A spindle hole went through the entire assembly. Book records could be opened to one of the records and completely folded back around itself, so that the whole thing could be placed on the turntable and played intact. The recordings were pressed on very thin, flexible sheets of vinyl or laminated paper , providing a mixture of economy, practical utility and novelty appeal. Flexi discs or Soundsheets were often provided by music publishers to their customers, [ citation needed ] frequently school band and orchestra directors, marching band and drum corps leaders and others, with their printed catalogs of sheet music.
The director could then hear a sample recording of the piece as they looked at an excerpt from the musical score. In the late s and early s, when computer programs and other binary data were often stored on audio cassettes, a number of microcomputer hobbyist magazines published "flexible program sheets" under various trademarked names including " Floppy ROM ", "Flexisoft", and "Discoflex".
It was also possible to connect the record player's output to the computer's cassette analog signal input port and load the data into the computer directly. Chocolate records about three inches in diameter, and small players made for them, were marketed as a novelty in Europe in — After a record wore out or ceased to amuse, it could be eaten. In , the Kingdom of Bhutan issued several unusual postage stamps that are playable miniature phonograph records.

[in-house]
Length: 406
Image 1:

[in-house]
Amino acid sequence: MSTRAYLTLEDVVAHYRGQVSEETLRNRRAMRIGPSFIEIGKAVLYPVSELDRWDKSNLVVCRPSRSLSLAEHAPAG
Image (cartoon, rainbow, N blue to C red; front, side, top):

Not very practical for actual postal use and rarely seen canceled, they were designed as revenue-generating novelties and were initially scorned as such by most stamp collectors. In the Soviet Union in the s and s, bootleg copies of banned Western music were individually recorded onto used medical x-ray film and sold on the black market. These were called " ribs " or 'Roentgenizdat'. The first discs by Berliner Gramophone were black, and that has been the standard color for gramophone records ever since.
But as early as , the Vitaphone Talking Machine Co. In the s, several companies made records of various shades of brown, including Perfect Records and Grey Gull Records. When RCA Victor launched the 7-inch 45 RPM record, they initially had eight musical classifications pop, country, blues, classical, children's, etc. According to experts at the Sarnoff Center in Princeton, New Jersey , the cost of maintaining eight vinyl colors became too high, but the different colored labels were continued, at least for popular music black and classical red, as in "Red Seal".
In the s, a distinction was made in label colors of promotional copies of 45 RPM records as well, with pop music being issued on yellow labels and country on light green.
In the s, such gimmicks started to reappear on records, especially on 7-inch and inch singles. These included using colored acetate instead of black vinyl. Available colors included clear, transparent white, red, blue, yellow and multi-hued.
Faust released their debut album with transparent vinyl and cover in , and a transparent inch of Queen 's The Invisible Man was released. In the s, the ska band Bad Manners released a single on Magnet Records called "Sampson And Delilah" that was pressed on clear vinyl, with a clear label and clear print on the label and it came in a clear sleeve.
In , American post-punk band Talking Heads released the album Speaking in Tongues ; a limited number of copies were pressed on clear vinyl and included in an elaborate plastic case designed by Robert Rauschenberg. Some recordings were released in several different colors, in a deliberate effort to sell the same product to one person multiple times as collector's items. Currently, it is common practice for hardcore punk to release records of different colors at the same time, and press a smaller number of one color than the other.